English teachers rejoice! If you have taught “Hamlet” and taught it well, you have given all of your former students an edge in reading Ian McEwan’s Nutshell. They will get all the jokes, and they will be grateful.
When he published Nutshell, Ian McEwan made no secret that, while the setting is 21st century London and the main characters representatives of the idle affluent, the plot of the book is the plot of the Shakespeare play: a son is appalled that his mother is sleeping with his father’s brother, the couple (successfully) plot to poison the father, the son struggles to figure out what to do about it, and all comes crashing down by the last scene. The mother’s name is Trudy (read Gertrude), the adulterous uncle is Claude (read Claudius). The strains of an Oedipal complex are many.
What turns this story on its head is McEwan’s choice for point of view. The narrator is the son himself, still in utero, who begins his soliloquy several weeks before his due date: “So here I am upside down in a woman.” And by page 3 the reader hears the essence of the problem as well as the echoes of the Shakespearean text: “My idea was To be. Or if not that, its grammatical variant…My mother is involved in a plot, and therefore, I am too, even if my role might be to foil it. Or if I, reluctant fool, come to term too late, then to avenge it.”
McEwan does not follow the play slavishly. Instead he manages an elegant balancing act of making the story his own while honoring the original. For example, no ghost appears at the ramparts to begin the tale. The baby’s father, John Cairncross, is still very much alive. (But if a man’s home is his castle, then the father is certainly no longer the king of his castle, as his estranged wife has claimed it for her own during their “separation.”) The novel follows a conventional fiction, not five-act, structure: the first half leads up to the murder as the baby’s horror grows at overhearing his mother and uncle plotting and pulling off the plan, the second half carries us to the conclusion as the baby’s reflections and recounting reveal psychological consequences of the murder, leading to the murderous couple’s final undoing.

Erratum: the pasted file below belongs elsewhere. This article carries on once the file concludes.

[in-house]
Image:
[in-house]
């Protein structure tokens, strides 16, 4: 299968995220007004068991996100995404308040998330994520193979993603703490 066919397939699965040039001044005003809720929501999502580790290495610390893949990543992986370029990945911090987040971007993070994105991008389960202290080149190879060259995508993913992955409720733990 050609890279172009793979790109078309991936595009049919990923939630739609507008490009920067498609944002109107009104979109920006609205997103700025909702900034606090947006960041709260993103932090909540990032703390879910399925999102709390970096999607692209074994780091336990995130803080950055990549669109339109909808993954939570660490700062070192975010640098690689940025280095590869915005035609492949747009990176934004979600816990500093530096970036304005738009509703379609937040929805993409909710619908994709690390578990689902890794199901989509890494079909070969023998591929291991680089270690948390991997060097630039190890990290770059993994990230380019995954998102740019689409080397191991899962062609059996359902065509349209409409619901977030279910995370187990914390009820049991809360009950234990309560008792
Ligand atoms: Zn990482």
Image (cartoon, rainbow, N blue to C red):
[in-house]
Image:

Freed from the need to build his own plot, McEwan makes the most of this luxury by putting on display his own exceptional gifts as a writer of fine prose and a sly sense of humor. Helpless to do anything in the face of the outrageous behavior of his mother and her lout of a lover, the baby wishes there might be another outcome, a thought that is probably no more than “a bleating little iamb of hope.” (No, that is not a typo of “lamb,” but a clever visual metric joke.) The baby disdains his uncle’s mangling of language and notes his “impoverished sentences die like motherless chicks, cheaply fading.”
So for anyone who loves playing with words as well as the plays of Shakespeare – echoes of “Macbeth” also run through the work – reading Nutshell is a pleasure. Although the book is relatively short, just under 200 pages, you will want to take it in slowly. You won’t want to miss any of the fun.
Yet there is a dark undercurrent as well. Although the action never leaves the “castle” and the baby’s only source of information is what he hears through the walls of the uterus, he hears plenty from sources other than the few people around him. Uncannily perceptive, the baby grasps from the BBC news on the ever-present radio that the early 21st century world he is about to be born into is a mess. Wars, famine, floods. Abject poverty. Tyrants with no heart. Refugees with no hope. Juxtaposing the scheming of the vain and selfish Trudy and Claude against the ills of the world makes a stark indictment of a certain class and generation in present day London.
Frankly, you may find you have more sympathy for the “fetal Hamlet” than you may have had for Shakespeare’s “Hamlet.” Our fetal fellow does know what he should do to avenge his father’s death and bring his mother and uncle to justice. He is the agent of their undoing – but I don’t want to give away the ending.